FAMILIES with children with a disability are furious that a rejection of $7800 in funding could mean the closure of specialised after school care.
Sylvanvale's Outside of School Hours (OOSH) is the only program in St George and Sutherland Shire catering to children aged five to 11 with high needs.
Yet its funding request was overturned, meaning the program is in danger of closing down.
KU Inclusion Support Subsidy Provider, the body that oversees the federal government's ISS (inclusion support service) program, works with the Department of Education, Employment and Workplace Relations.
KU wrote to Sylvanvale chief executive Jill Deering to inform her of the decision not to provide the requested $7800, saying the application sits outside the government's guidelines.
As far as Justin and Jodie McIntosh are concerned it is bureaucracy gone mad.
Their son Eamon has used the OOSH service since it opened six years ago.
Mr and Mrs McIntosh work full-time and require after school care for their son.
"It is frustrating that it is over such a small amount of money," Mr McIntosh said.
"Just release the funding and don't mess with a winning formula. They need services — they can't keep cutting services."
Angela Wainwright's daughter Julia, 11, has been attending the program for four years.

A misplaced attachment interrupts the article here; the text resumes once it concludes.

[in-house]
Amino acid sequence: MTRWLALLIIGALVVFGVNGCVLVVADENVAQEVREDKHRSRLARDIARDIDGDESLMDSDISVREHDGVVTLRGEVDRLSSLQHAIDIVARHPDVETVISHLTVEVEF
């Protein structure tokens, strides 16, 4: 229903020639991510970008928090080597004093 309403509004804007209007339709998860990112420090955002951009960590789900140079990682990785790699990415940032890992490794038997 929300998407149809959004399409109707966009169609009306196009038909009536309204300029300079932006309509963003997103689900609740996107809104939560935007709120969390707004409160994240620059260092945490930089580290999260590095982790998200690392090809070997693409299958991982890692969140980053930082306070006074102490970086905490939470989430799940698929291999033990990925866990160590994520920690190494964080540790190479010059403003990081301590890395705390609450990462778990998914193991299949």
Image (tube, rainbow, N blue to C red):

"If SOOSH closed it means I'd have to change my work arrangements and pull my other children out of their after school activities," Ms Wainwright said.
"Julia and my family desperately need SOOSH to remain open."
Federal MP for Cook, Scott Morrison, said the Sylvanvale program provided a vital service.
"Sylvanvale's Outside Of School Hours care for disabled children is a fantastic program that helps the most vulnerable in our community and I call on the federal government to urgently review their refusal of this grant.
"My office has been in contact with both Sylvanvale and the federal minister and I will continue to make representations to the government in an effort to get this crucial funding back in place."
Sylvanvale's general manager of children's services, Leanne Fretten, said the service had opened in response to community need.
"The community has asked for it — that's why we operate it, even at a loss," she said.
"It is not making any money at all."
Should the funding be approved?